Life in the old West had its rewards.

Sutter tested the nugget. When he became convinced that it was gold, he went back to the sawmill with Marshall and swore the workers there to secrecy.

Yeah, right.  Good luck with that one, John.

The actual event that started the “local” gold rush, was instigated by a San Francisco newspaperman named Sam Brannan.

Brannan had opened a store at Sutter’s Fort (which would later develop into the city of Sacramento).  When some of the workers from the sawmill paid for whiskey and some other goods at Brannan’s store in gold, he went to the site to verify the discovery.

Yep.  The real deal.

So what does Brannan do?

Start panning for gold?

No.

He purchased every shovel in San Francisco and then ran through the streets of the city yelling, "Gold!  Gold from the American River."

The town emptied. Less than two dozen men were left in the city.

The price of mining supplies increased ten times and the income at Brannan store at Sutter’s Fort soon hit $150,000 a month (this was 1848!).  Sam Brannan became California’s first millionaire.


But Brannan wasn’t the only merchant to capitalize on the California gold rush.  One of them created a brand that remains a planetary icon today.

In 1853 a 24-year-old young man named Levi Strauss arrived in San Francisco and opened up a dry goods store. His primary customers at the time were “retail” stores, located throughout Northern California that were selling goods to miners.  His business thrived and over the next 13 years, he expanded to new quarters four times.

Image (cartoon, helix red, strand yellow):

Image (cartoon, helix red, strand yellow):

In 1872, Levi received a letter from one Jacob Davis of Reno, Nevada. Davis had been one of Levi’s regular customers, buying bolts of cloth for use for his own business.

In the letter he told Levi about an interesting way he made pants for his customers; he placed metal rivets at the points of strain – pocket corners, and at the base of the button fly.

He did this to make the pants stronger for miners and others who toiled on the California – Nevada frontier.  He wanted to patent the idea but needed a partner to fund the project and get it off the ground.

No dummy, Levi; the two men became partners and a patent was issued to the two of them in 1873 for what would become the world famous 501 jeans.

I tell this story because I find the frontier beginnings of Levi Strauss a fascinating contrast to how the brand has grown.

It’s not just that Levi’s were the hottest thing going in Moscow after the fall of the Soviet Union, look at how this world-class brand is being managed today.

This is a magnificent use of aesthetics to promote the brand.

http://www.youtube.com/watch?v=CAckx0aPf-k

If we can help you with surveys, positioning or any marketing need, pick up the phone or click the mouse (www.ontargetresearch.com).

I can’t dance like these kids, but I can make your marketing sing Halleluiah!

“In our work together for our current major client prospect, your research has proved to be “sine qua non” (Latin for ‘without which, nothing’), the essential ingredient. It is the precise and perfectly gathered data upon which our corporate positioning strategies for this client are being built.” Jackson Bain, President Bain and Associates, Inc.

Best,
Bruce

Bruce Wiseman
Founder & CEO On Target Research.
Bruce@brucewiseman.net
www.ontargetresearch.com
1-818-397-1401